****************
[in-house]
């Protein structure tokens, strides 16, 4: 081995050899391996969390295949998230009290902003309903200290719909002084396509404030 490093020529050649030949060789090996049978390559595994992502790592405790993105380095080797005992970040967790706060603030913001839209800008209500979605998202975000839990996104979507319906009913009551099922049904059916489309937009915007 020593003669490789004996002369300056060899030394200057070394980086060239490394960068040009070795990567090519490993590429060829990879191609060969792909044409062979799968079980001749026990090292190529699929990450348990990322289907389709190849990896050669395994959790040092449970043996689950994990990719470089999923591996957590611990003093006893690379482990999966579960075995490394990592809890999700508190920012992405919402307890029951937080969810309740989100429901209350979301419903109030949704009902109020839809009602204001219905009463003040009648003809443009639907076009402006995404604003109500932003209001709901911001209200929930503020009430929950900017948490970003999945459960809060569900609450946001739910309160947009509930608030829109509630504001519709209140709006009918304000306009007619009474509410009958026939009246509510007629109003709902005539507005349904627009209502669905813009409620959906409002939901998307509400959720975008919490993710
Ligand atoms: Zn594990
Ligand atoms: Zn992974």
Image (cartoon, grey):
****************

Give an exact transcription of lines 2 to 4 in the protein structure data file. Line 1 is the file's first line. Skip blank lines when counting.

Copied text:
């Protein structure tokens, strides 16, 4: 081995050899391996969390295949998230009290902003309903200290719909002084396509404030 490093020529050649030949060789090996049978390559595994992502790592405790993105380095080797005992970040967790706060603030913001839209800008209500979605998202975000839990996104979507319906009913009551099922049904059916489309937009915007 020593003669490789004996002369300056060899030394200057070394980086060239490394960068040009070795990567090519490993590429060829990879191609060969792909044409062979799968079980001749026990090292190529699929990450348990990322289907389709190849990896050669395994959790040092449970043996689950994990990719470089999923591996957590611990003093006893690379482990999966579960075995490394990592809890999700508190920012992405919402307890029951937080969810309740989100429901209350979301419903109030949704009902109020839809009602204001219905009463003040009648003809443009639907076009402006995404604003109500932003209001709901911001209200929930503020009430929950900017948490970003999945459960809060569900609450946001739910309160947009509930608030829109509630504001519709209140709006009918304000306009007619009474509410009958026939009246509510007629109003709902005539507005349904627009209502669905813009409620959906409002939901998307509400959720975008919490993710
Ligand atoms: Zn594990
Ligand atoms: Zn992974």